Student Journal Pages
Courtesy & Copyright Joseph Kozlowski, PhotographerI’m a fledgling birder, with a less-than-soaring Life List. However, after being inspired this summer by the amazing new Merlin App my dad and brother introduced me to, I wanted to learn more. When preparing to start another year teaching 2nd-grade at USU’s Edith Bowen Laboratory School, I decided to integrate birding into my curriculum. I knew that studying birds could be as simple or as complex as I desired, which seemed perfect to help all my students make learning gains and make special discoveries throughout the year.
I reached out to Hilary and Jack, who are local experts and members of the Bridgerland Audubon Society. They were happy to meet with me, give me resources, and help me brainstorm ways to make the world of birding come to life for my students. However, the fun really started when I kicked off everything in my classroom. There was immediate buy in from my students, and as soon as 25 bright eyed 2nd-graders were screeching the “CONK-LA-REEEE” of a Red-Winged Blackbird, I knew I was hooked as well.
My sequence of instruction, which usually lasts about a week per bird, starts by utilizing AI technologies and The Cornell Lab’s comprehensive birding website to develop an informational and narrative passage about a specific bird, which is used to address language arts standards. After this, students create a writing piece about the bird, which sometimes is informational, but sometimes is a creative piece that incorporates characteristics or habits of the bird. We incorporate mathematics in meaningful, context-based ways that has some relationship to the bird. For example, our class learned that Black-Capped Chickadees can remember over 1,000 seed hiding places! Therefore, students created and solved a fun math problem: “If a Black-Capped Chickadee had 1,000 seeds hidden, and during the winter ate 20 seeds a day, how many days can she eat until her seeds have run out?” Finally, each student makes a single page on that specific bird that goes in their journal. Each page requires the student to draw a picture of the bird, label three distinguishing parts, create an onomatope for the sound, and write two interesting facts about the birds.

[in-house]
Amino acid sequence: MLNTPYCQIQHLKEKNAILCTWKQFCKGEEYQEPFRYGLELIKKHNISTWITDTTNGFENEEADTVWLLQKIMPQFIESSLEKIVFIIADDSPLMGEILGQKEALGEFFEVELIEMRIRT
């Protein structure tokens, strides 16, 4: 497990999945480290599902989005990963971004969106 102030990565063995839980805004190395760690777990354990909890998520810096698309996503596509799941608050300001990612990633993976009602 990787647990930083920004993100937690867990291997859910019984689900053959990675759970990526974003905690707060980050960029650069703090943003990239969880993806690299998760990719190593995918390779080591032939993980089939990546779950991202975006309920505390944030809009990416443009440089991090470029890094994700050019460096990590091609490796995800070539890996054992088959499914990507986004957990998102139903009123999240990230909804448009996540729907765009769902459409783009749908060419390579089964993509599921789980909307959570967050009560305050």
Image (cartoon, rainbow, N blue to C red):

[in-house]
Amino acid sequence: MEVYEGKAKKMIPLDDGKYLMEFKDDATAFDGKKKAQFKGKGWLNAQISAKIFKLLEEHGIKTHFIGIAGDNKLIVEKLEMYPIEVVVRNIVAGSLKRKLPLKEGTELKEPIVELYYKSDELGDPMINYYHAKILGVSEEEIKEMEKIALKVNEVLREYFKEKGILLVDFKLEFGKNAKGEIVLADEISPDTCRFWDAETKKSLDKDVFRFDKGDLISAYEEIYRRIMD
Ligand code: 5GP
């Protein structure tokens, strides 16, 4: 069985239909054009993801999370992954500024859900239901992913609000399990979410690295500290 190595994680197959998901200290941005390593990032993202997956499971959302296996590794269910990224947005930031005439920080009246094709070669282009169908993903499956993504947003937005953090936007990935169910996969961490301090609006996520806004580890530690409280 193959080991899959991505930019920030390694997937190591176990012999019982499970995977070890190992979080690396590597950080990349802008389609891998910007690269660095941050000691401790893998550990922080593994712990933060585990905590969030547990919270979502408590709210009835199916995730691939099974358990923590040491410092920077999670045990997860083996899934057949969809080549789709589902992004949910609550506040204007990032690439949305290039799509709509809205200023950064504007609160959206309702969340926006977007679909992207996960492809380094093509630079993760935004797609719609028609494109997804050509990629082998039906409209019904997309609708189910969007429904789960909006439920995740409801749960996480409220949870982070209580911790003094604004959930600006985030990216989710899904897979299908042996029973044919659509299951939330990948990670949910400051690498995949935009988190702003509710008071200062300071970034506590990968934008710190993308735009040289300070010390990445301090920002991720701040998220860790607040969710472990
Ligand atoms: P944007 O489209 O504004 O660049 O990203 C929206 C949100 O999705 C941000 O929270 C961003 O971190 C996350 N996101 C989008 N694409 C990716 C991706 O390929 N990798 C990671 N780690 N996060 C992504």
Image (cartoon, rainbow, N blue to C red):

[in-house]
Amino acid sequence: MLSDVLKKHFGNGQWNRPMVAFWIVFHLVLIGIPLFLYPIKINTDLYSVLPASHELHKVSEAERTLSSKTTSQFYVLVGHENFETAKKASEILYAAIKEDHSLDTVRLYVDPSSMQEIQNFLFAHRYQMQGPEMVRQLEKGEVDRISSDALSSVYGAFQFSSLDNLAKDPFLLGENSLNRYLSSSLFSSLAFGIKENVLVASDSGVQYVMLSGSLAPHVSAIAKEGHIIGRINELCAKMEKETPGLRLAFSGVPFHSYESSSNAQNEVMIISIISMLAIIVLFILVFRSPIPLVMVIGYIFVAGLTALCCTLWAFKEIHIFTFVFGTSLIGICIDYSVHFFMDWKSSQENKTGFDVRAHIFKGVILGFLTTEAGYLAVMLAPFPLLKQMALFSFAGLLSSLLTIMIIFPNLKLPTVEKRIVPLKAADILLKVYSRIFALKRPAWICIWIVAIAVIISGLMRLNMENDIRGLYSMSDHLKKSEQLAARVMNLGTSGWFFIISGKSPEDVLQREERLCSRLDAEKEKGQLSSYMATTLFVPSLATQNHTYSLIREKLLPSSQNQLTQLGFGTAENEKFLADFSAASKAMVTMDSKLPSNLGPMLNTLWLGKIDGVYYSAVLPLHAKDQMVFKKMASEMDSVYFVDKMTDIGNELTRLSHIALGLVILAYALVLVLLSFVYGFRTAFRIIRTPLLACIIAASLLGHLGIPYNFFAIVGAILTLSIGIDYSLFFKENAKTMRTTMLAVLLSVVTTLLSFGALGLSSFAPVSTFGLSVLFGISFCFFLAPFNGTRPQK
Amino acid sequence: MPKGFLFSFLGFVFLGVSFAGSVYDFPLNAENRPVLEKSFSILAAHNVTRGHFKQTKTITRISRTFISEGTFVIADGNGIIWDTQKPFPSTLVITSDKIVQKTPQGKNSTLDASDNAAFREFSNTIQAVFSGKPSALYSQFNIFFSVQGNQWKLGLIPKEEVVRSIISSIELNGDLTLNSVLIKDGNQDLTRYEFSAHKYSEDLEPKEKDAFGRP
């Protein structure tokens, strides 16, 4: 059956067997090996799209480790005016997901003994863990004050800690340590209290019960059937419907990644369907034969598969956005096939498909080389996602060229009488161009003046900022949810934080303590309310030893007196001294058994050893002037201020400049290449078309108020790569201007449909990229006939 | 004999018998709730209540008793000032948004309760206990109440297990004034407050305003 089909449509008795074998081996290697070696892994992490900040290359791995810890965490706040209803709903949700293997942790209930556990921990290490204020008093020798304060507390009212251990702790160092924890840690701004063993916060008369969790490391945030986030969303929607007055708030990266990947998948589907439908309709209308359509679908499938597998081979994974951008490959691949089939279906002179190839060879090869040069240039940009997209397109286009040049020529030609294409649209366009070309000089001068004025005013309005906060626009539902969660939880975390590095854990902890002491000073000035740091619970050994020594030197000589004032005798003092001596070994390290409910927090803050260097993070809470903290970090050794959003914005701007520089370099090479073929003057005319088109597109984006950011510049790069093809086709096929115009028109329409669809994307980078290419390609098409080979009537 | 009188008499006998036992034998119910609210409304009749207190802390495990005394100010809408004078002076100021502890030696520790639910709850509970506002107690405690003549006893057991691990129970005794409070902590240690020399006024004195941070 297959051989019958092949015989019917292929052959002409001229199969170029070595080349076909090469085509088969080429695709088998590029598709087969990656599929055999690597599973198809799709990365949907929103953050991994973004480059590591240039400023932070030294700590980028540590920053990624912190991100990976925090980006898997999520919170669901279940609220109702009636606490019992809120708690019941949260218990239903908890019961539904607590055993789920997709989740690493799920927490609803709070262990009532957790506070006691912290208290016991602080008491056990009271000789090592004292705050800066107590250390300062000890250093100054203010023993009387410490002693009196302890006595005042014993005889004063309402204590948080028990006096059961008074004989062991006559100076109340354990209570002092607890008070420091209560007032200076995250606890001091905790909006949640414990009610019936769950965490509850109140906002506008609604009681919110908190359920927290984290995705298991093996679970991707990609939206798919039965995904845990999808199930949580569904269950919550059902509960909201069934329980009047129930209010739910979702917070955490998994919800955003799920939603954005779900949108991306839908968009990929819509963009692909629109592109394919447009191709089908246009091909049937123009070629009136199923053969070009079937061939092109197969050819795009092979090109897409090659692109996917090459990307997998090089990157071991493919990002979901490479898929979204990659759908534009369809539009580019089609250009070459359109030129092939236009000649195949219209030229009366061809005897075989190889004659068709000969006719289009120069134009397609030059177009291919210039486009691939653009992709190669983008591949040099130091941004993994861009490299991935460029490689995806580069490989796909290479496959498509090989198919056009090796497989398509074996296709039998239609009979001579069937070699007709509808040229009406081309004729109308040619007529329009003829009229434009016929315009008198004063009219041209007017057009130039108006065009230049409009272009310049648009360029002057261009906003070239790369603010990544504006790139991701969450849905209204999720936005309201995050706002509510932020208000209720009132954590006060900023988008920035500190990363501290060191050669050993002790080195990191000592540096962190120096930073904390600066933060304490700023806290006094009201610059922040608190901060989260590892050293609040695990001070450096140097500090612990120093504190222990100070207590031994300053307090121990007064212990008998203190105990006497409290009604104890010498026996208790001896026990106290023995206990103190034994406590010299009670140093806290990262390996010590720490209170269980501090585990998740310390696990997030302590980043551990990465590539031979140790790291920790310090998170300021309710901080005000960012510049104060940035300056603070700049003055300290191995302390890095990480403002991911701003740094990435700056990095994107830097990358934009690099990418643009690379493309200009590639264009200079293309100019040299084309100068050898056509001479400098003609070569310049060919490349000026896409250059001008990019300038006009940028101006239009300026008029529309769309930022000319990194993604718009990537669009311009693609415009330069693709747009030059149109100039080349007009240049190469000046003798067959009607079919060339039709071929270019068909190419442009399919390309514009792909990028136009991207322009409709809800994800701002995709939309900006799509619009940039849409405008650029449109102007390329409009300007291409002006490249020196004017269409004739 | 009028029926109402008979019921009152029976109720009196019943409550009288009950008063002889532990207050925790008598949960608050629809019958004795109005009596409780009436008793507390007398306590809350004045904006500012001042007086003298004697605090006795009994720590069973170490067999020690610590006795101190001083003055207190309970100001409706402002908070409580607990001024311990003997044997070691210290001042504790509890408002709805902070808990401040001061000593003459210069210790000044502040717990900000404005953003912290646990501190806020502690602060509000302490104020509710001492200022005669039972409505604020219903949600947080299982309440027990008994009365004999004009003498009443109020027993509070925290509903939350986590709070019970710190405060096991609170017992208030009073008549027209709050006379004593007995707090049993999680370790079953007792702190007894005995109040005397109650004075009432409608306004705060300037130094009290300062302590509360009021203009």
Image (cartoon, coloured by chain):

To bring the birding knowledge to life, we developed multiple field experiences aimed at observing birds and identifying them. So far, kids have found the Black-Capped Chickadee, Red-Winged Blackbird, Townsend’s Solitaire, and Red-Breasted Nuthatch. These birding experiences give students a new sense of purpose and intentionality in the field. We recently went to King’s Nature Park in North Logan’s Green Canyon where they made discoveries with their eyes, ears, and even binoculars! As we trudged up a slope, one kid glanced to the side of the trail and noticed bundles of small, blueish/purplish Juniper Berries clung to their host, and, recalling a fact they had read in class, announced “Look, Juniper berries! I bet this will be a great place to see a Townsend’s Solitaire because I know they love to eat these!” These kinds of connections are what every teacher hopes for, and I am grateful to be flying on this learning journey right alongside my students.
This is Dr. Joseph Kozlowski, and I am Wild about Outdoor Education in Utah!
Images: Courtesy & Copyright Joseph Kozlowski, Photographer, Used by Permission
Featured Audio: Courtesy & Copyright © Kevin Colver, https://wildstore.wildsanctuary.com/collections/special-collections/kevin-colver
Text: Joseph Kozlowski, Edith Bowen Laboratory School, Utah State University https://edithbowen.usu.edu/
Additional Reading Links: Joseph Kozlowski & Lyle Bingham
Joseph (Joey) Kozlowski’s pieces on Wild About Utah: https://wildaboututah.org/author/joseph-kowlowski/
Rhodes, Shannon, Wild About Nature Journaling, Wild About Utah, June 22, 2020, https://wildaboututah.org/wild-about-nature-journaling/
Identify the birds you see or hear with Merlin Bird ID, Merlin App Download, Cornell Lab of Ornithology, https://merlin.allaboutbirds.org/